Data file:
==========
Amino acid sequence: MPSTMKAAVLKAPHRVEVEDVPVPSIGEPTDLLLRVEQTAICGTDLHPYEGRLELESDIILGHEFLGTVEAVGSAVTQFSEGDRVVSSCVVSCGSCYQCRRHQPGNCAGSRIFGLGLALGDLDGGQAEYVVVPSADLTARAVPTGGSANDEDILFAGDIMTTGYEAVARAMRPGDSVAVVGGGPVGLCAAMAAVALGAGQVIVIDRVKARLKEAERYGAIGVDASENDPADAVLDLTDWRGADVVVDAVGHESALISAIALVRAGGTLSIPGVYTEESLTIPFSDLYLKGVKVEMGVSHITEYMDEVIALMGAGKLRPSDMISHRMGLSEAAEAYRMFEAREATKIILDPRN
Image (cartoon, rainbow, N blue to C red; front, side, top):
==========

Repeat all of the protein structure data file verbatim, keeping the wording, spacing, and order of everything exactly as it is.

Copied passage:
Amino acid sequence: MPSTMKAAVLKAPHRVEVEDVPVPSIGEPTDLLLRVEQTAICGTDLHPYEGRLELESDIILGHEFLGTVEAVGSAVTQFSEGDRVVSSCVVSCGSCYQCRRHQPGNCAGSRIFGLGLALGDLDGGQAEYVVVPSADLTARAVPTGGSANDEDILFAGDIMTTGYEAVARAMRPGDSVAVVGGGPVGLCAAMAAVALGAGQVIVIDRVKARLKEAERYGAIGVDASENDPADAVLDLTDWRGADVVVDAVGHESALISAIALVRAGGTLSIPGVYTEESLTIPFSDLYLKGVKVEMGVSHITEYMDEVIALMGAGKLRPSDMISHRMGLSEAAEAYRMFEAREATKIILDPRN
Image (cartoon, rainbow, N blue to C red; front, side, top):